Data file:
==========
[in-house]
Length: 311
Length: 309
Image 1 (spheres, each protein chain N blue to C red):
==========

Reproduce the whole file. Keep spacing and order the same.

[in-house]
Length: 311
Length: 309
Image 1 (spheres, each protein chain N blue to C red):